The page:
The problem with a government that does so many things wrong is that critics can barely keep up. Or are we getting tired?
There doesn’t seem to me to be enough public, i.e., social media, noise, for example, about the Enhanced Defense Cooperation Agreement (EDCA). I tend to think that this might be born of how difficult it is, how much deeper we need to go to understand how agreements like these are always lopsided (to put it kindly) in favor of America, and how this was so obviously rushed to get Obama to get here (now na!) for more hobnobbing with the empire. I mean read it and weep. Listen to the three senators (count that!) grilling members of the EDCA panel and find that they are leaving much of it—practically all of it—up to discussions to happen in the future.
Right now, in writing, all we’ve got is an agreement that is also press release: an effort at convincing us all that they have not signed away our rights over our territory.
Seeing only Senators Loren Legarda, Bongbong Marcos and Serge Osmeña in the Senate discussion today (May 13) it seems too many of our senators have been convinced?
Lacson and lists
Or are the senators, like us, just in over their heads? Because there is The Dreaded List courtesy of Janet Napoles, resident pork barrel scam queen, that one that we knew all this time must exist and which is now being wagged in our faces, with the media lapping it all up.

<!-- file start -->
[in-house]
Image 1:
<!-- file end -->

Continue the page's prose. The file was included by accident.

The thing is, this list has spawned this narrative where former Senator Panfilo Lacson—post-Haiyan rehabilitation czar with nothing to show for it really—is the star of the show. He is the Keeper of Secrets.
Or just the noisiest of those who are in on whom that list contains, and getting some media mileage from dropping hints—some names maybe—prompted and otherwise.
It, of course, doesn’t take a genius to see that this—Lacson himself —is a distraction. It can only be so relative to that “official” list that is with Napoles, and the one that’s with Benhur Luy, and the unverified list that’s with Justice Secretary Leila de Lima, and that one with Sandra Cam. It is a distraction that benefits Lacson, too, seeing as he recently dissed the people of Leyte in public, saying that if there are those who remain hungry in the post-Haiyan context, that must be because they are lazy.
We missed that, didn’t we? And mostly because the next thing we knew, Lacson’s was the loudest most consistent voice speaking about these lists, like he holds in his hands the credibility of the Senate and Congress. This former senator fashions himself the bearer of the truth that will set us all free, yet he can also only remain loyal to the institution that cradles him and his co-senators and this corrupt system that Napoles has lived off.
It might be that Lacson thinks he can wash his hands clean of the failed rehabilitation of Leyte, by using The Dreaded List like it’s his to pawn. Might be time to zonk him on the head and tell him we can see right through the spin.
Waiting on media
It took a while, but at this writing (night of May 13), GMA News dared release a list which they’ve verified to have names that are also part of The Dreaded List of Napoles.